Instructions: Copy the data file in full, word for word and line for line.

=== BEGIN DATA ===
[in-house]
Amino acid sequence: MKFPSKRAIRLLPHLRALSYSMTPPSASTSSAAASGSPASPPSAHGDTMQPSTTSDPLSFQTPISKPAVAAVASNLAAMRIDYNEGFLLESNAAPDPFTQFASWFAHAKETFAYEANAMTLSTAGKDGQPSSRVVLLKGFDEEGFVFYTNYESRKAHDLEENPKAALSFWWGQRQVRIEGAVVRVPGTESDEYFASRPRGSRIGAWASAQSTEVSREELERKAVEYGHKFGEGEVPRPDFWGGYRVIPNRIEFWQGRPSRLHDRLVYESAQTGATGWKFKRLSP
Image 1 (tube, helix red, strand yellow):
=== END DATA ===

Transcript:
[in-house]
Amino acid sequence: MKFPSKRAIRLLPHLRALSYSMTPPSASTSSAAASGSPASPPSAHGDTMQPSTTSDPLSFQTPISKPAVAAVASNLAAMRIDYNEGFLLESNAAPDPFTQFASWFAHAKETFAYEANAMTLSTAGKDGQPSSRVVLLKGFDEEGFVFYTNYESRKAHDLEENPKAALSFWWGQRQVRIEGAVVRVPGTESDEYFASRPRGSRIGAWASAQSTEVSREELERKAVEYGHKFGEGEVPRPDFWGGYRVIPNRIEFWQGRPSRLHDRLVYESAQTGATGWKFKRLSP
Image 1 (tube, helix red, strand yellow):